This project promises to establish feasibility, develop design and identify suitable outcome measures (e.g. hours of CPAP treatment per week, functional outcome, depression, fatigue, and impaired alertness) for a large-scale clinical trial of CPAP in stroke patients with OSA. If the larger trial shows benefits of CPAP, a new treatment for more than half of all stroke patients will become available.


Ages Eligible for Study:   18 Years and older   (Adult, Senior)
Sexes Eligible for Study:   All
Accepts Healthy Volunteers:   No

Inclusion Criteria:

  • Ischemic stroke within 7 days of planned polysomnography/sleep screening study
  • Modified Rankin Scale score >1
  • If of child-bearing potential, has a negative urine or serum pregnancy test

Exclusion Criteria:

  • Decompensated heart failure
  • Cardiac or respiratory arrest within the past 3 months
  • Myocardial infarction within the past 3 months
  • Severe pneumonia
  • Hypertension refractory to treatment
  • Any other unstable medical condition which is thought to interfere with participation
  • Known preexisting OSA already on CPAP or previously failed CPAP or used CPAP
  • Previous pneumothorax
  • Bullous emphysema
  • Chronic obstructive pulmonary disease (COPD), obesity-hypoventilation, or another condition warranting the use of nasal bilevel positive airway pressure instead of CPAP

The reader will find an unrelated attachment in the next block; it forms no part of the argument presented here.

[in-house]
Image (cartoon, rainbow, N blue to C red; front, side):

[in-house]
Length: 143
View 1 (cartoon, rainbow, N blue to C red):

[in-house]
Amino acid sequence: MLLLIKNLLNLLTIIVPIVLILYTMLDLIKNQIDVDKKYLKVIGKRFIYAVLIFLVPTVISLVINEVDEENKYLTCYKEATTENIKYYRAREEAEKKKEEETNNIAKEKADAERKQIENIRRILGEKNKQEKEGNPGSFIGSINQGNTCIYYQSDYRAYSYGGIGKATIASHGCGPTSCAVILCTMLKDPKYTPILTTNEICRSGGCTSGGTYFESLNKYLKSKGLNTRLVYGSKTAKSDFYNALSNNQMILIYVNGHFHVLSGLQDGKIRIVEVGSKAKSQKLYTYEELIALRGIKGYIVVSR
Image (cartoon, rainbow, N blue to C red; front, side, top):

• Acute sinus or ear infection
  Contacts and Locations
Choosing to participate in a study is an important personal decision. Talk with your doctor and family members or friends about deciding to join a study. To learn more about this study, you or your doctor may contact the study research staff using the Contacts provided below. For general information, see Learn About Clinical Studies.

Please refer to this study by its identifier: NCT00282815

United States, Michigan
University of Michigan
Ann Arbor, Michigan, United States, 48109
Sponsors and Collaborators
University of Michigan
Principal Investigator: Devin Brown, MD, MS Associate Professor, Stroke Program, University of Michigan
Study Director: Lewis Morgenstern, MD Director, Stroke Program, University of Michigan
Study Director: Jack Kalbfleisch, PhD University of Michigan Dept of Biostatistics
  More Information

Responsible Party: Devin Brown, Associate Professor, University of Michigan Identifier: NCT00282815     History of Changes
Other Study ID Numbers: K23NS051202 ( U.S. NIH Grant/Contract )
Study First Received: January 26, 2006
Results First Received: June 21, 2011
Last Updated: January 31, 2013

Keywords provided by Devin Brown, University of Michigan:
obstructive sleep apnea
continuous positive airway pressure

Additional relevant MeSH terms:
Sleep Apnea Syndromes
Sleep Apnea, Obstructive
Cerebrovascular Disorders
Brain Diseases
Central Nervous System Diseases
Nervous System Diseases
Vascular Diseases
Cardiovascular Diseases
Respiration Disorders
Respiratory Tract Diseases
Signs and Symptoms, Respiratory
Signs and Symptoms
Sleep Disorders, Intrinsic
Sleep Wake Disorders processed this record on September 19, 2017